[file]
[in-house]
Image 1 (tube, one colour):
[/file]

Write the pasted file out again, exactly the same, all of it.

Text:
[in-house]
Image 1 (tube, one colour):